Editor's note: This is the fourth in a series of stories following the restoration of the pre-Civil War Lambrite-Iles-Petersen house at 510 W. 6th St., Davenport, by Dick and Linda Stone of Muscatine.

When the Stones first outlined their restoration plan, they thought they might be finished by now. Although they've missed that goal, the house is finally starting to look like a place where one could actually live.

That certainly wasn't the case in February 2015 when the Stones took possession of the abandoned property on the city's demolition list.

Plaster ceilings were falling, two rooms in the back were unsafe to walk in for fear of breaking through the floors, and everywhere there was stuff, from moldy furniture to a few dead animals. The house also was cold and dark, as it had no heat or electricity and, with the windows boarded up, there was no natural light. 

"It kind of makes you wonder why anyone would want to do this, doesn't it?" Dick Stone said last week, leading a tour of the progress.

After 2½ years of work both hands-on and hired  and a significant financial investment, the place is looking like a potential home. "It's not fast, but it's chugging along," Stone said of the work.

Located in Davenport's historic Gold Coast neighborhood, the home is considered one of the city's most historically significant because of its age, its style of architecture, its architect and the people who lived in it.

Accomplishments during the past year:

Tower restoration

The home's signature tower, or belvedere, is nearly finished on the outside. It has a new membrane roof and the frames of all 12 windows (three on each side) have been rebuilt.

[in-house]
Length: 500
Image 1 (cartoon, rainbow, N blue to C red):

This was no small task, as the frames have double arched tops, meaning that to recreate those that were rotted, Stone had to glue together individual pieces of wood to create curves.

The frames also have decorative do-dads at the bottom of each arch and under the sills, and many of these, too, had to be remade.

The tower exterior is also painted in the color scheme the Stones have chosen for the house two shades of gray with a deep red trim. They have determined that gray, simulating the look of stone, was the home's original color.

And there's a bright, shiny finial on top, replacing the tower's original decorative spire that was made of wood and so rotted that it had hardly any definition, Stone said.

• Plaster work 

All rooms but the front two parlors and the central stairwell have been replastered.

Window replacement

Frames for 52 windows have been repaired or rebuilt by Carver Custom Millworks, Milan, and Stone has installed them. These are original windows that rise and lower with a rope and pulley system. 

"I've gotten pretty good at those," Stone said of installation. "The whole secret (to getting the windows to work correctly) is getting the weight balanced right."

The windows make a world of difference in the feel of the house.

"Once you open it up, it seems so bright," Stone said of the removal of plywood. "That corner," he said gesturing to the unfinished front parlor, "was the bright spot, but now it's dark (in contrast). It's a lot more cherry."

Eventually all the windows will have storm windows for insulation. This winter, though, the Stones will "have to pay the heating bill."

Back addition

A two-story, early addition to the house has been rebuilt and has a new roof. Siding is next, a "before winter" task.

The glass of three windows in the addition have been etched with a pattern that replicates the window of the home's front door, providing privacy for what will be bathrooms. (Yes, the carved and beveled glass in the front door amazingly survived intact through all these years.) 

Tax credit approval

The Stones originally estimated restoration at about $350,000 and expected to apply for historic preservation tax credits to help cover some of the cost. Their application has now been approved; the money will be paid out when the project is finished.

Wood work restoration

Wood trim and doors have been restored. The Stones did the stripping themselves and hired an artisan to reapply a faux grain finish.

"It took quite a while," Stone said of the stripping. "There were eight layers of paint before you got to the original graining."

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